After noticing Cambodia’s tourism sites became plagued with plastic waste during Covid-19 and with foreign visitors remaining low compared with neighboring countries, tour operator Jacques Guichandut decided to take action.
The co-founder of tour operator All Dreams Cambodia Co. Ltd hails from France and has called the Kingdom home for almost 27 years. Harboring a passion for Cambodia, the 59-year-old has always believed Cambodia has huge potential as a tourism destination with friendly people.
“I see this opportunity and have been here for 27 years, so we see a lot of moving hubs. I have always believed that Cambodia has huge potential on the part of tourism. So, I took the opportunity to stay,” he said.
All Dreams Cambodia was founded in 2013 by four owners and is dedicated to individual, group, luxury, and MICE (meetings, incentive, conference and events) travel. From large scope projects to unique tailor-made programs, it focuses only on Cambodia.
The tour operator focuses on three main activities: Inbound (tour & transportation services in Cambodia for clients from abroad), Outbound (local market, tours and services in Cambodia and abroad for the high-end local market) and Ubiquest, which focuses on team-building activities and Urban Tales in Cambodia for international markets, the local market and expats in Cambodia.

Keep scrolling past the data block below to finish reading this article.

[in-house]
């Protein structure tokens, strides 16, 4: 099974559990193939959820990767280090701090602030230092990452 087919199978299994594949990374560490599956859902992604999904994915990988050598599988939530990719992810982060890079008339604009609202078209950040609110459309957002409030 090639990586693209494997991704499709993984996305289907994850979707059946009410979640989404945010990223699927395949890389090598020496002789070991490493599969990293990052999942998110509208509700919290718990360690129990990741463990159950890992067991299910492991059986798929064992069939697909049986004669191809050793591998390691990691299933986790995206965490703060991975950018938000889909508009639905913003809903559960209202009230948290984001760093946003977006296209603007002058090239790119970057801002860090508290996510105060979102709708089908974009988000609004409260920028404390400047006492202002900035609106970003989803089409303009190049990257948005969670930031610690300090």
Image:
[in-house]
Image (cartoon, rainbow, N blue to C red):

Guichandut said there are some challenges for his travel agency as its main source market is European tourists rather than Asians. During the Covid-19 crisis, he had time to reflect and noted most tourists visiting Cambodia tend to tag it on after or before traveling to neighboring countries. Often, they do not spend more than one week in the country.
“The major challenge today is that Cambodia is not being seen as one destination, but as an extension of a holiday to Vietnam or Thailand. They don’t think they can spend two weeks in Cambodia. So, there is certainty that people will not come here to stay for two to three weeks,” he said.
He added, “For example, 95 percent of American clients always go to Siem Reap for two or three nights, and this is a bit challenging because we have to change the destiny of the destination.”
Since March 17, when all Covid-19 restrictions were removed for fully vaccinated visitors and tourist visas were reinstated, Cambodia became one of the safest destinations with the easiest access in Southeast Asia.